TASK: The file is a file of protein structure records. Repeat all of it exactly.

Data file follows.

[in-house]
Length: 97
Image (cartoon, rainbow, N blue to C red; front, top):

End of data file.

[in-house]
Length: 97
Image (cartoon, rainbow, N blue to C red; front, top):